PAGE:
(section 4)

Jump to Section 1 | Section 2 | Section 3 | Bibliography

I, too, am about to become a cyborg, although what I value about the experience has less to do with cheating death than with rejuvenation. My leg having been amputated recently because of recurrent cancer, and a number of operations having forced me into increasing physical inactivity, I now find myself learning to use a prosthesis. I look forward not only to being enabled again but also to wearing high heels. And, after months of extreme and rigorous exercise, all the clothes I never gave away fit me again. In anger at its built-in self-criticism, I gave up dieting years ago and, hardly a glutton, worked on accepting myself "as I was." Nonetheless, slim has always gone with young, and now I'm overjoyed at my weight loss and do feel younger. There is something truly perverse at work here: I feel less the loss of the leg than the loss of weight. I feel more attractive and younger now that there is less of me. And I didn't have to diet. This is the power of the cyborg woman--and, although ironical, hardly the irony out of which liberation is wrested.

Baby Jane Morph
254K quicktime movie
Today--even more than in the decades in which films like The Leech Woman or Whatever Happened to Baby Jane? were made--the visibly aging body represents a challenge to the self-deluding fantasies of immortality that mark the dominant technoculture. Furthermore, in a sexist as well as ageist technoculture, the visibly aging body of a woman has been and still is especially terrifying--not only to the woman who experiences self-revulsion and anger, invisibility and abandonment, but also to the men who find her presence so unbearable they must--quite literally--"disavow" her and divorce her. As one psychologist dealing with aging relates: "I once heard a man say to his gray-haired wife, without rancor: 'I only feel old when I look at you.'" And another writes:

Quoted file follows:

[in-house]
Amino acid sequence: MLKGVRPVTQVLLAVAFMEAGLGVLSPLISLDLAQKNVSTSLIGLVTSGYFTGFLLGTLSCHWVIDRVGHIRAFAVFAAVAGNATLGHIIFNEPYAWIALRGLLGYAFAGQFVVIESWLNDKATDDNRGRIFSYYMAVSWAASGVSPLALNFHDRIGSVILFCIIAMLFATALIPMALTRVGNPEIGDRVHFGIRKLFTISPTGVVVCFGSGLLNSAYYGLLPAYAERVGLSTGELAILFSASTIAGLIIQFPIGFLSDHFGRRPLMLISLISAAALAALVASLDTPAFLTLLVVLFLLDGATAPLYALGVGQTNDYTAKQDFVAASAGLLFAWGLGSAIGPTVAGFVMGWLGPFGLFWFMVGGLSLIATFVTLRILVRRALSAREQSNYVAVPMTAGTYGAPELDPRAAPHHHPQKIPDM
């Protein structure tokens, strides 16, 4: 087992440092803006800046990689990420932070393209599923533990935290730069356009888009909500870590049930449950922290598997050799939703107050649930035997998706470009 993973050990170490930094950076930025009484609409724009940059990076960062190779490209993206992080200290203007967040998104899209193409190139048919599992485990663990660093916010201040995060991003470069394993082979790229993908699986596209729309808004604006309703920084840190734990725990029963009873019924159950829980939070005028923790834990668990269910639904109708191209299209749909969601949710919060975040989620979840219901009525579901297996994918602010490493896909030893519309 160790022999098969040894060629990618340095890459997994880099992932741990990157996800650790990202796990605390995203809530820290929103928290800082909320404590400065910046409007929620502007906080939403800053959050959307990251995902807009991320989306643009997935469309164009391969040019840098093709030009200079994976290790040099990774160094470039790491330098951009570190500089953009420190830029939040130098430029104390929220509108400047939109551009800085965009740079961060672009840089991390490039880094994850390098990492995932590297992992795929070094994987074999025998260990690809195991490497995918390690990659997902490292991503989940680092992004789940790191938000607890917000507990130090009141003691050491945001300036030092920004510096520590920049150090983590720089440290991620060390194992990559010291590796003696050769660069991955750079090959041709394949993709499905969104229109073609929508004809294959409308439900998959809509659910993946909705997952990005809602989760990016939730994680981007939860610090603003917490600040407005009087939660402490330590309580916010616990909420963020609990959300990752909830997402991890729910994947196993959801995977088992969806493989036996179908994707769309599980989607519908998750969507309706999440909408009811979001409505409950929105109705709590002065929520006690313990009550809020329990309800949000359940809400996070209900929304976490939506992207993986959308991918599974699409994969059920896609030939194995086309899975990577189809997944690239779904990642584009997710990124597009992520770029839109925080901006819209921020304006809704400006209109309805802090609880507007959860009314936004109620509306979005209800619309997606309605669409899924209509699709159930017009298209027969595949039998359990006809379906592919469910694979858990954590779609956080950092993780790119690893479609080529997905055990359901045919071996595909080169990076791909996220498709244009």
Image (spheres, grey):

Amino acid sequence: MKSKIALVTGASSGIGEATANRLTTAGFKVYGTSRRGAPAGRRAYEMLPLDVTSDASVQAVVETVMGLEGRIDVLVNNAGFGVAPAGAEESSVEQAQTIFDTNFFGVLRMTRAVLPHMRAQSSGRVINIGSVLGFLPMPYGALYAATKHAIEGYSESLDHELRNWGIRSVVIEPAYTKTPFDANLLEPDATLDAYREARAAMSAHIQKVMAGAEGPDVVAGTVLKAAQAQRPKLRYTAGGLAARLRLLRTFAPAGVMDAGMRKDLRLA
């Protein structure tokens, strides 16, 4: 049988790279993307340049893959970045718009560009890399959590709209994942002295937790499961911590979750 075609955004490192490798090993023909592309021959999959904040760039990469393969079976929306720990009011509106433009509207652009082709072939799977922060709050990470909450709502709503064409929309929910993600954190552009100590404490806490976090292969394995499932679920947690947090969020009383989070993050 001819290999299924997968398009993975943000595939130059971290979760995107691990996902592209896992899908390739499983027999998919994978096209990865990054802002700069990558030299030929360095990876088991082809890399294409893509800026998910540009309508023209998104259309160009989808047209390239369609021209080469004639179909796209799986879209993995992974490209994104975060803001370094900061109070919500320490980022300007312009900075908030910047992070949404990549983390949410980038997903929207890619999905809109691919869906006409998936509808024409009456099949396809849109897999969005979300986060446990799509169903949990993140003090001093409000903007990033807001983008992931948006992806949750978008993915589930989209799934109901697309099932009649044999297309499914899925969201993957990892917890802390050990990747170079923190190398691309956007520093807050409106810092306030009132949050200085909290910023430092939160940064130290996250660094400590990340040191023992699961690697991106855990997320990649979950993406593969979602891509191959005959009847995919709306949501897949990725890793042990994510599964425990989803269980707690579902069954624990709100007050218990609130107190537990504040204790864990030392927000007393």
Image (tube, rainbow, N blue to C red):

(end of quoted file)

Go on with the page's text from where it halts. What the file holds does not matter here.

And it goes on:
Julia Kristeva, in dealing with the phenomenon of abjection and its relation to horror, suggests that abjection has various forms. Particular to the exploration of the issues of female aging I've dealt with here is her distinction between the abject that comes from without and the abject that comes from within. The abject that comes from without includes "excrement and its equivalents (decay, infection, disease, corpse, etc.)," which "stand for the danger to identity that comes from without: the ego threatened by the non-ego, society threatened by its outside, life by death." These excess middle-aged women of low-budget horror films, these visibly decaying bodies that reach out to touch a man who recoils in horror, these "non-egos" who threaten society less by their rage than by their presence, certainly engender this form of the abject.

In contrast, the abject that comes from within is described thus:

While Kristeva makes reference to pregnancy and cancer as possible forms of inner abjection, her description also holds for the bodily changes in the 50 Foot Woman, the Wasp Woman and the Leech Woman. Within the transformed, monstrous and visible bodies of these women divided against themselves in desperation, anger, and self-loathing, there is indeed an "other." As psychotherapist, Elissa Melamed suggests in her book, Mirror, Mirror: The Terror of Not Being Young : "We often experience the changes of aging as somehow alien to us, as if the "real self" is frozen in time, imprisoned somewhere within the aging body. Thus, abjection suffered by the women aging in the horror film is doubled. Is it any wonder that they cannot possibly survive?